The film on the top of your cyser looks like a pellicle (http://www.milkthefunk.com/wiki/Pellicle). A pellicle is a polysaccharide film--a type of biofilm--made by Brett and a few other microbes that protects the microbe from excessive oxygen levels. It in and of itself is harmless, and will vanish into your batch with some vigorous agitation. Of course, it will reform after disruption because the microbes that made it are still active.

So, what to do if you suspect colonization by Brett, Lacto, or Pedio? First off, don't panic. "Keep calm and milk the funk." ;) The batch might not be ruined, but whether or not you like the barnyard flavors made by Brett or the sourness made by the bacteria is a matter of personal taste.

The issue of cross-colonization is one that should be taken seriously, but as long as you follow logical, microbiologically-based practices the risk can be minimized. I've now made several batches of both mead and cider that have undergone polymicrobial fermentations with Brett and lactic acid bacteria, and used lots of my equipment between Brett and non-Brett batches with no cross-colonization so far. Because Brett forms the biofilm anything that has come in contact with it needs to be thoroughly scrubbed on every surface, inside and out, after every use. All pieces are disassembled and all nooks and crannies are scrubbed thoroughly. After that, my practice it to completely submerge the item in StarSan for 12-24hrs before I use it on a non-Brett batch.

One critical point here is that the items that I'm using between batches are all made of glass or steel, and thus are hard enough not to scratch even with vigorous scrubbing. I use my hydrometers, glass hydrometer test jar, glass carboys, and a long steel spoon I use for stirring between batches.

I have separate sets of Brett and non-Brett plastic items such as buckets, autosiphons, and tubing. This is because there's no way I can scrub the insides, or they have too many nooks and crannies for me to be confident that I'm scrubbing every possible surface. Also, because these items are made of soft plastic, they probably have multiple small scratches where Brett can hide. I've got a dedicated "Brett Bucket" fermentor for my larger polymicrobial batches that I don't even bother to scrub after use because I know that anyone going in it will be a Brett batch; I just clean out visible gunk and sanitize with StarSan like normal.

I hope this helps! What I would recommend for this batch is to put it somewhere out of the way and let it age into itself. Brett is slow-growing and slow-metabolizing, so most batches need a little time to really come into their own. When it starts to clear in a few weeks, rack it into a carboy like you would any other batch. In the meantime, try to avoid jostling it and disrupting the pellicle. That will keep the microbes happy and help them make their best flavors. If you don't like the barnyard flavors that Brett makes, and this batch isn't to your taste, I would pitch your fermentation bucket and any other plastic pieces of equipment that came in contact with this batch and get a new stuff.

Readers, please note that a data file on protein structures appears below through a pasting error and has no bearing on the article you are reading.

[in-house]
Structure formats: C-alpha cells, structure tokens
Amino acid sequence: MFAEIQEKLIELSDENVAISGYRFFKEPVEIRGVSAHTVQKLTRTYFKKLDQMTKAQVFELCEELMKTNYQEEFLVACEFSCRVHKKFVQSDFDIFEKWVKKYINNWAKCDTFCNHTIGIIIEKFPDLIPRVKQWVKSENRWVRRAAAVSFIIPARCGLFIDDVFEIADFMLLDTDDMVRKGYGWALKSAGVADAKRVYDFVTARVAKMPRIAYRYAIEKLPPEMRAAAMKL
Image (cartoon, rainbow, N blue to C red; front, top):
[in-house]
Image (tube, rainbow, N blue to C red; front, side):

Great job Zack. Thanks for the good info. Would you be as kind to start a new thread and educate us about Acetobacter please? :)

zpeckler
10-19-2016, 10:06 AM
Will do... My call schedule this week is pretty brutal, so I might not get to it until the weekend.

Squatchy
10-19-2016, 11:27 AM
Will do... My call schedule this week is pretty brutal, so I might not get to it until the weekend.

I totally understand. We're both passengers on the same boat at the time.

djsxxx
10-19-2016, 02:22 PM
Noticed a similar looking film on my Apple and pear cider. Only noticed after fermentation. Had a taste and luckily it's added some very nice flavors :)

Sent from my SM-G925F using Tapatalk

zpeckler
10-22-2016, 02:38 PM
Info on Acetobacter here! (http://www.gotmead.com/forum/showthread.php/26140-Wild-Microbes-and-Sanitation-Acetobacter)

I also included links to my bibliography on wild microbes and mixed fermentation.

WVMJack
10-24-2016, 03:32 AM
You could get some carboys and good airlocks and use some metabisulphites to help keep this from happening again and to possibly stop and save this batch for continuing to go down, you might want to drink this one early. Surface yeast is a common problem in cidermaking, especially for those who dont use metabisulphites. Keeping this in a bucket that is leaking air into your cyser is going to continue the problem. The bleach in meadmaking not the best, your starsan does the same job. Also brand new buckets with new lids are cheap at farming supply stores so you dont have to worry about what was in it before. WVMJ

zpeckler
10-24-2016, 12:30 PM
I agree with WVMJack. Get the cyser into glass and put it under and airlock. Plastic is slightly permeable to oxygen, kind of like a barrel. After that, toss the bucket if you're not looking to do wild-ferment batches in the future. After this batch is finished, clean or replace your other equipment as I described above. Don't toss the cyser, though! Give it between 6-12 months to age before bottling.

Unlike all my other meads (which are mostly traditionals or metheglins), I always sulfite my cysers and melomels when mixing up the must to suppress non-Saccharomyces organisms in my "clean" batches. Fruit brings over so many wild organisms.